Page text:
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Is Obstruction an Impeachable Offense? History Says Yes

President Trump has been consulting the Constitution. In a Twitter post on Monday, he recited part of Article II, Section 4, the provision that allows Congress to remove federal officials who commit “treason, bribery, or other high crimes and misdemeanors.”

Mr. Trump wrote that he had done none of those things: “There were no crimes by me (No Collusion, No Obstruction), so you can’t impeach.”

The president’s analysis had two shortcomings. It misstated the conclusion of the report issued by the special counsel, Robert S. Mueller III, which made no definitive judgment about whether Mr. Trump had violated criminal laws concerning obstruction of justice. And it failed to take account of what the framers meant by “other high crimes and misdemeanors.”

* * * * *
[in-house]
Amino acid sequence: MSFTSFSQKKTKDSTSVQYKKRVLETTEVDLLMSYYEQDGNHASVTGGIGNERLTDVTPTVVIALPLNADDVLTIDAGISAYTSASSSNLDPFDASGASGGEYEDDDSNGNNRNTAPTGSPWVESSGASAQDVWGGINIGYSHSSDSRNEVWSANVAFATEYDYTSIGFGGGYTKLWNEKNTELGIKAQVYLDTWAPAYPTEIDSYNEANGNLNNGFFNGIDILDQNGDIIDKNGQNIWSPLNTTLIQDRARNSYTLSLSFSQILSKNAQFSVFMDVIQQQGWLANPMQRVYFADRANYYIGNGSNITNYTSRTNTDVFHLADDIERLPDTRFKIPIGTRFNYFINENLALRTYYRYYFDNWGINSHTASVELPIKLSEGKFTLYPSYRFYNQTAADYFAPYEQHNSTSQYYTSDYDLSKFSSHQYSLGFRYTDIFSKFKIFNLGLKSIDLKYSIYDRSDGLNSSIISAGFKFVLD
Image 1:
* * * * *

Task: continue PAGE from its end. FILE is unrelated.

The phrase is vague, of course, but it plainly does not encompass every ordinary crime. Rather, it follows two offenses that give a good sense of the kinds of crimes the framers had in mind: treason and bribery. Those are crimes against the state and the justice system that undermine the ability of the government to function.

Read entire article at NY Times